This article has been violated in almost every country since it came into existence.
1) For instance, in the year 2007, Afghanistan faced an estimated 6000 deaths during an armed conflict- half of them were civilians.
2) In Brazil, around 1260 people were killed by the policemen in the year 2017 and later it was labeled as an act of resistance by the officers.
3) Vietnamese authorities forced at least 75,000 drug addicts and prostitutes into rehab camps labeling them as HIV/AIDS patients and providing no treatment.
● Article 4- No Slavery
This article states that “No one shall be held in slavery, Slave trade and slavery shall be prohibited in all their forms.
Now let’s look at few instances when these articles got violated
1) In the year 2017, more than 1400 Somalis and Ethiopian nationals got displaced and died during trafficking operations.
2) Japan is the leading country for trafficking women in Asia, UNICEF estimated 60,000 child prostitutes being trafficked in Japan. There are numerous horrifying examples of human trafficking all around the globe.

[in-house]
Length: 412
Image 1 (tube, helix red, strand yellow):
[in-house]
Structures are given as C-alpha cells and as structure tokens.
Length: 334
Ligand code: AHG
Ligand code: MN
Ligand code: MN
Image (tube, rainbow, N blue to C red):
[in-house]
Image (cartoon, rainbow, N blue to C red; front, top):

● Article 5- No Torture
Article 5 states that “No one shall be subjected to torture or to cruel, inhumane or degrading treatment or punishment.
1) One of the thrilling instances of torture is of Democratic Republic of Congo, which is famous for the acts of torture and ill treatment with the people in custody of the government.
2) In Darfur, violence and atrocities are very harsh especially on women. There was an estimated 200 rape cases within five weeks in 2017. No justice is awarded to the victims till now.
● Article 13- Freedom to move
This article states that” Everyone has the right to freedom of movement and residence within the borders. Everyone has the right to leave any country including his own and to return to his country”.
1) Kenya violated this article and closed its borders when people were fleeing from armed conflicts in Somalia.
2) Also in Algeria, refugees are frequent victims of detention, expulsion and ill treatment.
● Article 18- Freedom of Thought
This article states that “Everyone has the right to freedom of thought, conscience and religion”.
1) There is an instance of Myanmar where the military crushed a peaceful demonstration organized by monks and detained the protestors.